- Spider: You need the elastic suspension for the microphones in the studio. The much more sensitive studio microphones transmit the smallest noises as well as vibrations. For example, to avoid the impact sound, you should hang the microphone in the spider correctly.
- Pop screen: Optionally, you will meet the name pop killer or windscreen. This pop screen came up with the eighties. During this time, technicians wanted a higher and transparent sound. By chance, a lady’s stocking landed on the microphone. This relatively safely slowed down the plosive sounds and, at the same time, dampened the treble reproduction. This design transformed into a more presentable pop screen.
- Cables: For microphones, you often use XLR connections. These fit jack or, better yet, XLR microphone inputs. This is the only way to tease the full sound spectrum out of a microphone.
- Microphone cases: Especially the expensive models should be treated with care. This includes proper and protected transport. Avoid contact with moisture or extreme temperature fluctuations at all costs. It is best to place the microphones in a padded microphone case, which is available from specialist retailers. Some manufacturers supply cases and protective covers to match their microphones.
FAQ: The most frequently asked questions and answers about the microphone for metal vocals
How do I hold a microphone in my hand?
It is best not to let your lips touch the microphone head. Stay a few inches away, as this is when the internal pop protection works. Position your hands so that you do not block the rear openings of the microphone. By doing so, you will not reduce the susceptibility to feedback. Every microphone needs these sound openings for directionality. If you close the openings, the omnidirectional microphone will be much more susceptible.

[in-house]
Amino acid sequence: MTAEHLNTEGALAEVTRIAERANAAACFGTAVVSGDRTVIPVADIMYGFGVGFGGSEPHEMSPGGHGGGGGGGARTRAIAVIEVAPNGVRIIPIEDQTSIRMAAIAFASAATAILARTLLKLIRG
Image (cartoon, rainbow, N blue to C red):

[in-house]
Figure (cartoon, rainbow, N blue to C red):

Is there a special microphone for rap?
Most rappers use normal vocal microphones. Some special manufacturers have already tinkered with the shape and special requirements and developed round as well as short microphones suitable for rap and harmonica. Most rappers tend to grip the microphone by the basket anyway. This does not have a positive effect on the sound, so there are now microphones that have adapted to the special handling.
Do I need a microphone with or without a switch?
The switch is a practical way to avoid uncontrolled feedback during breaks. Bands and musicians without a technician at the mixing desk like to use the switch microphones. However, you should not fiddle with the switch unnecessarily while singing. Otherwise, it can lead to embarrassing moments. There are singers who tape the switch with gaffa tape to avoid temptation.
When do I have to change a microphone cable?
The answer is simple: when it is defective. Some companies have a cable tester. This way you can check from time to time which cables are working properly. If you notice unusual noises as soon as you move the microphone, you should make sure to replace it.
Do gold-plated contacts sound better?
Not necessarily. The better conductors are silver or copper. Gold, however, is more robust when it comes to oxidation. Once contacts oxidize, they conduct sound worse. Bare gold-plated contacts can perform better in the long run than other metals. This has nothing to do with the sound in the first place.
How do I install the pop screen on the microphone?
At best, the pop shield has a fixed distance from the microphone. Install the guard in the direction of the singer. In most cases, you install the pop shield on a specific mount with screws or rivets. These should never touch the screen. Shocks and touches can be transmitted to the microphone and the sound.
What are the different microphones suitable for?
One of the most important criteria when buying a microphone is the area of application. So it’s best to first think about what you need a microphone for and where you want to use it. Dynamic microphones, especially the plunger coil microphones, prefer to use live vocal microphones because they are very robust, and the singer can easily pick them up. For moderate, for example, at events or live in front of the camera, dynamic microphones have also proven their worth. In the recording studio, users largely rely on condenser microphones because of their high sound quality. For semi-professional recordings at home, you need a suitable type for the computer, so-called PC, or gaming microphones. In this last area, experienced people largely use condenser microphones.